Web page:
Iran's climate ranges from arid or semiarid, to subtropical along the Caspian coast and the northern forests. On the northern edge of the country (the Caspian coastal plain) temperatures rarely fall below freezing and the area remains humid for the rest of the year. Summer temperatures rarely exceed 29 °C (84.2 °F). Annual precipitation is 680 mm (26.8 in) in the eastern part of the plain and more than 1,700 mm (66.9 in) in the western part. To the west, settlements in the Zagros basin experience lower temperatures, severe winters with below zero average daily temperatures and heavy snowfall. The eastern and central basins are arid, with less than 200 mm (7.9 in) of rain, and have occasional deserts. Average summer temperatures exceed 38 °C (100.4 °F). The coastal plains of the Persian Gulf and Gulf of Oman in southern Iran have mild winters, and very humid and hot summers. The annual precipitation ranges from 135 to 355 mm (5.3 to 14.0 in).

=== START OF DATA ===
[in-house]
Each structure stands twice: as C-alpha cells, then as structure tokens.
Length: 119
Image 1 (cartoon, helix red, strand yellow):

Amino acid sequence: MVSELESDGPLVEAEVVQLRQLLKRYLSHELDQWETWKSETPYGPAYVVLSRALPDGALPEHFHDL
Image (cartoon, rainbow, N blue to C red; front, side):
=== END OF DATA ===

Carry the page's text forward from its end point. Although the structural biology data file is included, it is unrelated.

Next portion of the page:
Recent archaeological studies indicate that as early as 10,000 BC, people lived on the southern shores of the Caspian, one of the few regions of the world which according to scientists escaped the Ice Age. They were probably the first men in the history of mankind to engage in agriculture and animal husbandry.

Language and literature

Art & Culture

Article 15 of the Iranian constitution states that the "Official language (of Iran) is Persian and the use of regional and tribal languages in the press and mass media, as well as for teaching of their literature in schools, is allowed in addition to Persian." Persian serves as a lingua franca in Iran and most publications and broadcastings are in this language.